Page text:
It’s been a busy week in the Studio. I’ve had many prototype ideas going through my head for ages, and I finally had some time to experiment. It’s always a bit tough for me to try out prototypes as I hate to waste the materials if it isn’t going to work out, and if they aren’t perfect, what to do with it?
First up was a production run of toy cameras. Made from Walnut for the body, and maple for the lens, these were a copy of a prototype I made (and gave away to my daughter). I love the simplicity of these, just the basics of a real camera, viewfinder-lens-shutter button. They are finished with a light coat of mineral oil, and are for sale in my Etsy Store, as well as in Patisserie La Toque in Wakefield, Quebec.
Next up, a mid-century modern inspired chair. Made from Baltic Birch plywood with padauk wedges in the through tenons. I curved the back using bent lamination and the seat is covered with an upholstery grade corduroy. I’d like to make these adult size, but for the prototype I decided to build it for a child so as to not use as much materials. It’s now my daughters favourite chair! After seeing me taking pictures of it, she yelled at me, “You’re not going to sell my chair are you???!!!”. She’s hard to please, but I clearly won her over on this one. These chairs will be custom order only as I don’t have the space to store finished chairs, and this will allow people to choose their upholstery colours.
Last up was a pyramid shaped macaron tower. Requested by Patisserie La Toque, how hard could a pyramid be to make? Turns out this was the hardest project of the week. Lots of angles made this very tricky, but with some glue, and a ton of brad nails and filler, it got completed on time and made the customer very happy. Might think twice before making another pyramid though…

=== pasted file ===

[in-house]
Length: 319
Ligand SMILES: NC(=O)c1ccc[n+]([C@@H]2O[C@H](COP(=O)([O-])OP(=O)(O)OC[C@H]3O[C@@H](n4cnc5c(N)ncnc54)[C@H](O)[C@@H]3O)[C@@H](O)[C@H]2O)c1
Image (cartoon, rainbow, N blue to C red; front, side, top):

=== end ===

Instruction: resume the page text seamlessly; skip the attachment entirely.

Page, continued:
Next week I’ve got some canoe paddles on the go as well as a few more prototypes to try out, stay tuned!
Last Sunday was Worldwide Pinhole Photography Day. In the past I’ve made a camera for the occasion but due to time constraints and laziness I opted for a pinhole body cap on my digital camera. I love how the light flares in the picture, and it also shows how dirty my sensor is!
More info on World Pinhole day and photos from around the world HERE Click on Gallery at the top of the page for photos.
52 Create, my weekly creative outlet for 2011… As this past weekend was World Pinhole Photography Day, I decided to make a little pinhole camera just for the occasion. Last year I made the Pin-Cube, but this year I decided I’d like to test out some of my new Ilford Direct Positive Paper, so I went with the “Granny Cam”. Far simpler than last year, I simply took a tin of sweets, drilled a big hole in it, then took a throw-away pie plate and cut a square out of it, drilled a pinhole in it, and taped it to the can. The photographic paper is taped to the inside curve of the can, giving a curved focal plane, and hopefully some interesting distortions. The camera was f231, with a pinhole of .016 (drilled with a micro drill). I also spray painted the inside of the tin with flat black paint to minimize reflections.